PCTs have been slowly gearing up to provide NHS Health Checks in England for every 40 to 74-year-old without diabetes, CHD, hypertension, CKD, AF, or who have had a stroke or are receiving palliative care. So the check is for those not already known to have a vascular problem.
There has been lots of debate about whether GPs or pharmacists should do the checks or other private providers. Another issue is funding and to what extent the time, money and effort required will be worthwhile.
The government expects a 75 per cent uptake - and the pressure is on to meet the national deadline to offer the check to everyone who qualifies, by March 2013.
Size of task
Here in Stoke-on-Trent - as elsewhere - this is a mammoth screening task.
Of the 275,000 people registered as patients in Stoke, 113,000 are aged 40 to 74 years old.
As 28,000 are diagnosed with diabetes, CHD, hypertension or CKD stages 3, 4 or 5, that means 85,000 should be offered the check in a five-year period (by March 2013).
Of course it is not just about providing a health check; the checks will lead to something. That is providing medical management for people with newly diagnosed hypertension or diabetes or lifestyle services for people who smoke, are obese or inactive, or drink alcohol excessively.
What we offer
Luckily we had already prioritised primary prevention for patients with a CVD risk ≥20 per cent some years ago. So, we have pre-loaded the Oberoi search system on practice computers, established lifestyle champions in each practice who lead on primary prevention and employed 20 lifestyle coaches.
The coaches agree lifestyle goals and organise free access to Weight Watchers/Slimming World classes, gyms, walking groups and so on while practices continue to provide smoking cessation services.
Practices can provide the health checks, or PCT-employed healthcare assistants can do so in surgery premises. Local enhanced services agreements cover the costs of practice staff time and effort, and hosting the check, and incentivise practices to refer motivated patients to a lifestyle coach and change their lifestyles.
It has been challenging to get primary prevention going, and in 18 months we have invited 7,500 patients across the PCT.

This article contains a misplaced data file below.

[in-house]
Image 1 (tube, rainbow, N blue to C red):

Of these, 3,330 have attended for a health check after three written invitations - an uptake of 44 per cent.
My practice has been trying to speed up the process. We have found drop-in clinics far more successful than the previous patient invites to make an appointment for a primary prevention check. Those required the patient to arrange a fasting blood test before their actual health check.
We have run four drop-in clinics this year in our practice during afternoons and early evenings. A total of 201 patients, a third of those invited, had a health check after receiving a glossy flyer with a personalised letter from the practice. That is nearly twice the number we had screened after a year of sending letter after letter to the 350 other patients we had invited to a primary prevention check.
The first drop-in clinic was really chaotic with five nurses/healthcare assistants processing 81 patients in five hours, and we had to turn others away.
After that we invited fewer patients at a time.
The components of the NHS Health Check include testing cholesterol/HDL (and glucose if indicated), BP, BMI; enquiring about family history, smoking status, ethnicity, physical activity; and other local measures - pulse rate and rhythm and AUDIT C for alcohol intake.
We found one new diabetic; and 36 of the 201 (18 per cent) who attended had raised BP (>150/90mmHg). Healthcare assistants were capable of doing the check and it is not necessary to use practice nurses.
Near patient testing
We have trialled near patient testing too. Then the patient gets their CVD risk calculated at the clinic. This enables the nurse to talk to them about the implications of their risk score and refer them to a lifestyle coach if warranted.
The disadvantages were the costs (consumables were £10/patient for the system we used) and queues of patients. Each test took 10 minutes so that we needed to revert to venous blood sampling for some patients.
It seems obvious that the NHS Health Check should be delivered in GP settings where the nurse can access patients' medical records, input data, start medical management and follow up patients as required.
Also by carrying them out at the surgery, there are no worries either about patient confidentiality or transferring personal information in a reliable way to the patient's medical records.
- Professor Ruth Chambers is a GP in Stoke-on-Trent and honorary professor at Stafford University
Registered patients 275,000
Age group 40 to 74 years 113,000
Already diagnosed with diabetes, CHD, hypertension or CKD stages 3, 4 or 5 28,000
To be offered health check by March 2013 85,000
The NHS Health Check ims to lower the risk of four common but often preventable diseases in the 40 to 74 age group:
The check involves questions and tests - BP, cholesterol, BMI measurement - and personalised advice. Eligible patients should be invited for a check every five years.